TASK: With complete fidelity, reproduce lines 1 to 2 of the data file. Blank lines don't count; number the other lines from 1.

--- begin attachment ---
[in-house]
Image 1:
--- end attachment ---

[in-house]
Image 1: